PARKLAND (CBSMiami) – The amount of flowers at an intersection near Marjory Stoneman Douglas High School keeps growing as the administration prepares for students to return next week.
Friday morning, teachers and staff returned to the school, more than a week after the tragic shooting that claimed the lives of 17 people at the Parkland High School.
The day was optional but according to the Broward Teachers Union, every faculty member did show up.
“I actually met with one teacher who was a grazed it with a bullet, and you think grazed with a bullet sounds so simple? She has a hole in her arm,” said union President Anna Fusco.
“It was very emotional, very emotional, everybody was hugging and kissing each other, sad, very sad,“ said teacher Evelyn Rosario of the reunion.
“There was hugging. There were tears,” said teacher Jim Gard. “I know I had enough hugs to last me a lifetime.”
The school had a variety of support services on hand including counselors and therapy dogs.
The day started with a breakfast for all and then the teachers and staff were allowed to reconnect and begin the healing process.
“Today is a day where we are really just giving the teachers a day to come back in, to meet with each other, to spend a couple of hours at the school, to receive any services or support that they need. It’s just a day to connect with them, for them to connect with each other, and do what we can to just help in the transition,” said Broward Schools Superintendent Robert Runcie.
At a late morning news conference Runcie was highly critical of President Donald Trump and others who have suggested that teachers and administrators in schools carry firearms.
“I am totally against arming teachers,” Runcie said. “Spend money into adding more school resource officers and law enforcement personnel out there – asking our teachers to carry guns – to me – that’s an easy way out.”
He said that would be the easy, cost-free way out. He said what is needed is greater funding for more school police officers and hardening of school campuses.
Watch Robert Runcie’s entire news conference here:
Runcie condemned school resource deputy Scott Peterson after it was learned that he crouched behind his car outside the school and failed to confront the shooter last week.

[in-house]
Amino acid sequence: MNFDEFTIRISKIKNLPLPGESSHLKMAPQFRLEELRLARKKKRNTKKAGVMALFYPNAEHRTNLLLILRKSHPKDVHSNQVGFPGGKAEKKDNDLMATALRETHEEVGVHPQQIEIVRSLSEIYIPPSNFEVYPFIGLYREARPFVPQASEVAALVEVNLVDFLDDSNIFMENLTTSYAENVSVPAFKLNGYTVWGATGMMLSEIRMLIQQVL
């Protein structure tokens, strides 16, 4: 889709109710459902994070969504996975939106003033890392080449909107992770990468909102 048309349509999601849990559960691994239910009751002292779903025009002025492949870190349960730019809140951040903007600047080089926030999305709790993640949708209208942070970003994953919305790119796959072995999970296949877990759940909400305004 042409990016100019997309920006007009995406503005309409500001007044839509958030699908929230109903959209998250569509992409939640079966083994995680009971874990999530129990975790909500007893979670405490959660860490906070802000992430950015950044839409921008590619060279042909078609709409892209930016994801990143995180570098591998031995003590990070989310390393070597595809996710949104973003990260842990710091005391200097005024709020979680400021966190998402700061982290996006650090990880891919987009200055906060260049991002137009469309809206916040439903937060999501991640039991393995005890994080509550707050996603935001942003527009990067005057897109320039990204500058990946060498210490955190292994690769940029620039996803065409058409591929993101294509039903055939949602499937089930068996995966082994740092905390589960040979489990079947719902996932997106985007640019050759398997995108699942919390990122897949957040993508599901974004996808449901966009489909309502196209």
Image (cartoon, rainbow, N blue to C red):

“I’m extremely upset – outraged. It’s inexcusable,” said Runcie.
The Broward County Police Benevolent Association called for all off duty officers to welcome back all teachers and students.
On Sunday afternoon there will be a voluntary orientation, from 3 p.m. to 6 p.m., for students and family members. Counselors will be made available on site for students and teachers.
Monday and Tuesday staff will return to the school full-time for planning and preparations to resume the school year.
“We will provide extensive counseling and support services to our teachers, show them the love and care they deserve and need at this difficult time,” said Superintendent Runcie.
Students will return on Wednesday and follow a 7:40 a.m. to 11:40 a.m. modified schedule for the rest of the week.
“It’s a week of transition, a week of folks coming together, reconnecting and going through the healing process,” said Runcie.
“The maintenance and facility staff have been power washing the school, painting, repairing doors and glass and getting the school back in tip top shape,” explained Runcie.
Building 12, where the shooting occurred, is on lockdown. Broward County Public Schools has requested $28.5 million from the Florida Legislature for the replacement and restoration of the site of Building 12. This includes a request of $500,000 for a proposed memorial.
The 550 freshmen students that were housed in Building 12 will be accommodated in other buildings and classrooms on campus.
There will be heightened security at the school as well.